Though the “both sides of the Jordan” strategy has been abandoned, the settlement-building in the West Bank that was accelerated wildly under Yitzhak Shamir — a man the British had arrested in 1943 for collaborating with the Nazis* — was effectively the continuation of this. The crazy logic of settlement building, its remorseless expansion, as anything that might form a contiguous Palestinian territory was sliced and diced into unfeasible statelessness. The bizarre defence of continued building — that it was acceptable even though it breached the peace terms because Palestinian terror attacks continued — has been a fundamental expression of the deep unseriousness of the Israeli right-wing elite’s purported desire for peace.

Yet having finally ditched the illusion that the country and the movement is developing along the optimistic consensualist lines laid down by Herzl and Weizmann in the bucolic pre-WW1 days, and thus ditching the Labour party, all but the most unashamedly chauvinist Israeli Jews are left with a dilemma regarding the country’s paradoxical citizens, the Israeli Arabs to say nothing of how the country will relate to the wider region. Once you have acknowledged that implicitly with your votes what direction are you taken in?

Surely it is only one that has been trod before — by white South Africans, Ulster protestants, and anyone else who draws themselves into a pure and embattled identity, ignoring the great shifts of history? How else can one explain the bizarre and self-defeating attempts by the right to push Israeli Arabs so far out of full citizenship — by excluding their parties, and now by Lieberman’s idea of loyalty tests and the transfer of border Israeli Arab villages to the West Bank. What population, subject to the soft apartheid of Israel and the killing of their brothers and sisters, what minority population has been less violent than Israeli Arabs? You could count the terrorist incidents on one hand. Compare Northern Ireland or the Basque country, and it should be seen that they’ve been the most long-suffering of minorities.

The mad attempt to push them to the point where armed resistance becomes a rational and legitimised choice is occurring because paranoia, once off the leash, quickly takes control. Once the official story is that every backyard rocket constitutes an existential threat, how could hitherto unvoiced suspicions not become overpowering? Given current birth rates, Israeli Arabs — without the territories Palestinians — will constitute a majority in Israel by 2040.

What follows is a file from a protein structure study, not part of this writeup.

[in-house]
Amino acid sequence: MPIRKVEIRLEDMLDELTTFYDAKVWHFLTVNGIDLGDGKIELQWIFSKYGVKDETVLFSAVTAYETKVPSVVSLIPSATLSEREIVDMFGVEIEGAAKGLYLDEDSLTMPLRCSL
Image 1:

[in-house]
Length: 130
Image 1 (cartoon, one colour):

What happens then, or before? Jewish emigration is running out of sources — East Europeans who want free land, and fundamentalist Americans fleeing pogroms in Milwaukee. Will Israel contemplate mass transfer of Israeli Arabs, as the electoral success of Lieberman (unthinkable a generation ago) suggests is possible? Will it make a unilateral strike against Iran? Or one with the support of a President Obama?

These days the UN resolution that equated Zionism with racism is seen as symbolic of the mad excesses of the 70s. But the mainstream of Zionism could not exist without, at its mildest, a chauvinism towards Arabs that does not see them as reciprocal. How else could a movement that caims land based on an occupation of it 2,000 years ago, believe that its current inhabitants would simply slink off after a few decades? Only by thinking that deep down, they were simply not as human, as capable of attachment to place, or culture, or sense of right. Ashkelon and Ashdod, the “Israeli” cities occasionally being shelled by their former residents, were Arab cities for 1500 years before 1948. Why would their recovery not be thought of in a similar time frame?

And as the world shifts eastward, how will the Zionist narrative play to a world whose continued support Israel needs, whatever myths of self-sufficiency are deployed. Will China and India really look with much sympathy on a colonial project? Or, deep down, a black American president.

The decline of Israeli Labour has at least stripped some of the mythmaking from Israeli self-maintenance. But whether this remnant of WW1 — facing a similar trajectory to other such entities, like the USSR, northern Ireland or Yugoslavia — will move forward to a sustainable future in a changed form cannot yet be seen. It will certainly go backward into something else, before facing the unavoidable truth.

*Shamir’s group the Lehi (called by the British The Stern Gang, to depoliticise them as gangsters) had tried to do a deal with the Nazis to supply them with guns for an uprising against the British mandate, a startegy even Begin baulked at. Though the Germans and the Lehi met in Beirut in 1943, the deal came to naught. The full story is in Avi Shlaim’s book The Iron Wall.

Peter Fray